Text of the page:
• Eager eyes
  • Receptive eyes
  • Eyes that follow me across the room

When I see this, I know I need to make an immediate change:

  • Downturned eyes
  • Eyes focused elsewhere
  • Eyes unfocused and empty
  • Glazed eyes
  • Sleepy eyes
  • Droopy-lidded eyes
  • Tired eyes
  •  Eyes carelessly looking around the room
  • Eyes looking at each other

Or, when I see this, I immediately respond!

  • Eyes focused on texting
  • Eyes focused on their laptops for a long time (Facebook and email!)
  • Closed eyes

Eye states change quickly.  Bright eyes can suddenly change as the students quickly assess the appeal of your material and change how they feel about how class is going.When I see a drift in the eyes of my students, I know I have lost them temporarily, and I make an intervention to get them focused on me once again.

To intervene, I change my tone and volume, walk toward them and through the classroom, change the screen if I’m projecting, quickly assign a group project, or change the topic if it’s time. When I get their eyes back, I resume instruction in the new manner.  Sometimes I just say “Look at me!” while other times it takes a more subtle approach.  Sometimes a change of course happens every ten minutes; if I’m doing well, I can keep their attention for twenty before making a change.

Assess eye states when you come into the classroom, when you open your lesson, and as often as you can after that.  Use your assessment to determine if most of the students are with you or if you are losing them.  Eyes will tell you more than anything else if a student is with you.  Eyes will tell you the degree of interest, the extent that they are listening, and even how much they are processing (if you look closely).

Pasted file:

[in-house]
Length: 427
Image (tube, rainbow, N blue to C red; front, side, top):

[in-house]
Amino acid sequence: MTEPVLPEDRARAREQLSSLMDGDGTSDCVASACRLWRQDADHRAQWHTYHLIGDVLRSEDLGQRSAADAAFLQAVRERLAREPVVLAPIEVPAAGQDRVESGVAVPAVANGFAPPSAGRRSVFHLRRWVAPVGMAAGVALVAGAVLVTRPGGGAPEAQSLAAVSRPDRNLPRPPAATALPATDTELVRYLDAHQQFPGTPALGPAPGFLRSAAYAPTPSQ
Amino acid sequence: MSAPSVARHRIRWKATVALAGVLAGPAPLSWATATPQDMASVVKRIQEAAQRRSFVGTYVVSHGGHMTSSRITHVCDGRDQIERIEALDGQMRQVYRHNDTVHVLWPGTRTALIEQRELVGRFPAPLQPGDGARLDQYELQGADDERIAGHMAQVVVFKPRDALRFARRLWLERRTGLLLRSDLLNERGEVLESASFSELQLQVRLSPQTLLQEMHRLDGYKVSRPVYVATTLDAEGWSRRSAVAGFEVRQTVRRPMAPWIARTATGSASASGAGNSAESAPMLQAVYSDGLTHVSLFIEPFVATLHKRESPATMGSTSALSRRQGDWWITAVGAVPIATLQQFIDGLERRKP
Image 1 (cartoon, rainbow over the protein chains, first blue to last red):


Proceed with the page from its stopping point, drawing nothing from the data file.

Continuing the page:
One Exception!
Once I had a student whose eyes were almost always closed from the time he sat down until class ended.  The progression would be toward his chin tilting up and the back of his head dropping down, and then his mouth would fall open in a giant O.  Now this was obviously way past my ability to just watch his eyes and detect his degree of tiredness.  My favorite technique in this case was to take a few textbooks and drop them in front of him and he would jerk to attention.  No matter what I did instructionally, though, he fell asleep like this every class period for the entire semester, and predictably, failed.  In this case his closed eyes were a clear signal!

Watch their eyes – and watch your instruction come to life!